BALTA , city in Odessa district, Ukraine. At the beginning of the 16th century, when Balta lay on the border between Poland and Turkey, there were Jews living in both sectors of the city (in the Józefgrod quarter on the Polish side). Many of the Jewish inhabitants together with refugees who had fled there from other districts were massacred by the *Haidamacks in 1768. The city was incorporated into Russia in 1791. Balta's importance as a commercial center increased after the construction of the Odessa-Kiev railroad in 1866. The Jewish population, which numbered 8,413 in 1863, mainly engaged in wholesale and retail grain dealing, the processing of agricultural products, tobacco and soap, tanning, flour milling, and liquor distilling. A pogrom broke out in 1882 in which over 1,200 Jewish houses and shops were pillaged; an attempt to organize Jewish *self-defense was suppressed by the police. Balta subsequently became the center of the Zionist movement in Podolia, Volhynia, and Bessarabia. The Zionist leader M. *Sheinkin served there as a government-appointed rabbi (rav mi-ta'am) in 1901–1904. Pogroms again broke out in the wake of the October revolution of 1905. The community was severely affected during the civil war of 1919, in which Balta repeatedly changed hands between the Bolsheviks and the troops of *Petlyura, the Ukrainian nationalist leader. Threatened by general pillage and massacre, many Jews fled to Odessa. The Jewish population, which numbered 13,234 in 1897 (57% of the total), had decreased to 9,116 by 1926 (39.6%). Owing to emigration to the big cities the Jewish population decreased further to 4,711 in 1939 (total population 17,945). At the beginning of the Soviet period the *He-Ḥalutz movement was still active and operated a farm, but during mass arrests on September 18–22, 1922, including He-Ḥalutz members, it was liquidated. In 1924 there were two Yiddish schools with 530 pupils in the city. Among the artisans there were many shoemakers. About 30 Jewish agricultural cooperatives operated in Balta county. Some were liquidated and the rest were turned into kolkhozes.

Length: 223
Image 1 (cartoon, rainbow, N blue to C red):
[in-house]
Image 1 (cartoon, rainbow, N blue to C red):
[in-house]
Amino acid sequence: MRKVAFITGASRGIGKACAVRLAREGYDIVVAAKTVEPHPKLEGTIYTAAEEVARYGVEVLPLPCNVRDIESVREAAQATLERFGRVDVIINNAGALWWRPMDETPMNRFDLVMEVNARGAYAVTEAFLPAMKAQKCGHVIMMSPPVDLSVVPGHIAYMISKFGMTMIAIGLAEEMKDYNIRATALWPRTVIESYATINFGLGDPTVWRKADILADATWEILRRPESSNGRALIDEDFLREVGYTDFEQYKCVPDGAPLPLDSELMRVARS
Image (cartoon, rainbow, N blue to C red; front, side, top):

During World War ii Balta was incorporated in the Romanian-occupied zone of *Transnistria. On August 8, 1941, 140 Jews were executed. About 1,500 who remained in Balta were confined in a ghetto together with deported Jews from Bessarabia and Bukovina, and a number were later executed. With the help of money received from Bucharest the Judenrat opened workshops. two orphanages, and inexpensive restaurants. About 1,795 Jews (including 175 from Bukovina) remained after the liberation on March 29, 1944. Fourteen hundred Jews were listed in Balta in the 1959 census. Most of the Jews emigrated in the 1990s. A number of small Jewish communities formerly existed in the vicinity of Balta, of which the largest were Bogopol, Krivoye Ozero, and Golovanevsk.
Dubnow, Hist Russ, 2 (1918), 299–304, 314–7; S. Bernfeld, Sefer ha-Dema'ot, 2 (1920), 296–7; M. Altman, in: He-Avar, 3 (1955), 60–85; 10 (1963), 83–105; Judenpogrome in Russland, 2 (1909), 420–4. add. bibliography: pk Ukrainah, s.v.
[Yehuda Slutsky /
Shmuel Spector (2nd ed.)]
"Balta." Encyclopaedia Judaica. . Encyclopedia.com. (April 15, 2019). https://www.encyclopedia.com/religion/encyclopedias-almanacs-transcripts-and-maps/balta
"Balta." Encyclopaedia Judaica. . Retrieved April 15, 2019 from Encyclopedia.com: https://www.encyclopedia.com/religion/encyclopedias-almanacs-transcripts-and-maps/balta
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